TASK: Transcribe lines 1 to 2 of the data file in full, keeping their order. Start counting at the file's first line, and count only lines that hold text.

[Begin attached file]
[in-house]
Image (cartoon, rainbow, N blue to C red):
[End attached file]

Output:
[in-house]
Image (cartoon, rainbow, N blue to C red):